181.8 * 1.212 + 475 = $695.3 million


This is an alternative to the Rating Bureau estimate of savings to employers using more conservative assumptions about the baseline year employer costs and more liberal assumptions about the increase in labor force and wages. 


Estimate of Benefit increases to Injured Workers:

In a separate analysis, an estimate has been made of the benefit increase to workers as a result of changes in the maximum Temporary Disability and Permanent Disability rates.  That analysis estimates the increase at $475 million.[1]


The estimate of the benefit increase to workers could take into account the negative impact on benefits to workers represented by reductions in the vocational rehabilitation benefit, the compensation of psychiatric injuries and the exclusion of many post termination claims.  Without arguing the merits of these claims for compensation, reforms did have the effect of reducing compensation to workers who would have received compensation under the pre-reform statutes. 


The Rating Bureau estimates the reduction in benefit payments for these three reforms as a cost reduction per worker.  Using 1998 labor force figures, the Rating Bureau estimates of benefit reductions to workers in benefit payments to workers are: $260 million (Vocational Rehabilitation), $195 million (Psychiatric Claims) and $52 million (Post Termination Claims) for a total of:[2]

            260 + 195 + 52 = $507 million


Again, these estimates are based on per/worker savings estimated by the WCIRB.


Given an estimate of $475 million in benefit increases due to changes in the TTD and PD scheduled rates, this would leave the absolute benefit increase to injured workers at approximately -$30 million.  That is, total benefits were no higher (and maybe slightly lower) in 1998 than they would have been if no benefit changes had been made.


Open Rating:

Open rating was another product of the 1993 reforms and went into effect for policies incepting on or after 1/1/1995 had the effect of increasing competition in the workers’ compensation insurance market.  This has resulted in substantial reductions in premium costs for employers. 


As a measure of the impact of open rating on employer costs, we calculated the average premium/loss ratio before open rating (1989-94, avg. premium/loss = 1.49) and after open rating (1995-97, avg. premium/loss = 1.15).  The Rating Bureau states that the difference in dividend practices pre and post open rating should be reflected in an 11% reduction in pre open rating premiums to make open rating premiums comparable to premiums from 1989-94. This results in an average premium/loss ratio for pre open rating of 1.35.  Using these ratios (pre open rating = 1.35 and post open rating = 1.15) and losses calculated for 1995-1997 we estimate the difference in premium that resulted from the price competition allowed by open rating.










Expected premium under pre open rating conditions (avg. prem./loss = 1.35)


$ 6.06 Billion


$ 6.99 Billion


$ 8.01 Billion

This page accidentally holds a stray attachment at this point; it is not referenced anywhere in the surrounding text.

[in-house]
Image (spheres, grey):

Expected premium under post open rating conditions (avg. prem./loss = 1.15) [3]


$ 5.20 Billion


$ 6.00 Billion


$ 6.86 Billion

Savings on premium as a result of open rating


$ 0.88 Billion


$ 0.99 Billion


$ 1.14 Billion

 Data for 1998 is not yet available.




Bottom line:

Based on WCIRB data and analysis, employer costs were approximately $700 million lower for the 1998 policy year than would have been the case if there had been no reforms in 1993. 


If one combines the impact of open rating with the impact of other 1993 reforms and projects premium savings in 1998 similar to those in 1997, the savings to employers in 1998 as a result of reform were:

$1.14 Billion (premium savings) + $700 million (benefit cost savings) = $1.84 billion



On net, benefit increases to injured workers in temporary and permanent disability were cancelled out by benefit reductions in the form of restrictions on vocational rehabilitation, psychiatric injuries, and post-termination claims. The reform involved transferring benefits from one group of workers to another group of workers.


The best estimate of future employer savings and benefit increases to workers are those estimated for 1998,

[1] By Comparison, the Rating Bureau estimate of $56 per worker as the benefit increase translates to $655 million (1992 employment) or $727 million (1998 employment).  The differences in these results could be the result of slight differences in the methodologies.  The rating bureau uses as the baseline injury data from 1991 while this study uses as a baseline injury data from 1993 and 1994.  Also, the Bureau may be estimating the benefit increase from 1992 on while this study looks at the impact from 7/1/94 on, which is coincidental with the first benefit change. 

[2] This calculation takes the dollar savings per worker, multiplies the saving by the number of covered full-time equivalents for 1992, multiplies that by the growth in the labor force (1992-1998), times 1.5 for the portion of the workforce covered by self-insurance.  For example, for Vocational Rehabilitation:

$20 (WCIRB estimate of VR savings/worker) * 7.8 million (FTE 1992) * 1.11 (11% growth in labor force) * 1.5 (WCIRB estimate that self-insurers represent 1/3 of market) =

            $20 * 7.8 million * 1.11 * 1.5 = $260 million

[3] Note: Expected premium differs from actual premium because expected premium is calculated as a percent of estimated loss using the average ration of premium/losses over the open rating period.  This tends to even out year to year pricing fluctuations and reflect a longer-term estimate of the impact of open rating.